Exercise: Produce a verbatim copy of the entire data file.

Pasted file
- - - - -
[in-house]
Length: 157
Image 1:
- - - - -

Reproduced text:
[in-house]
Length: 157
Image 1: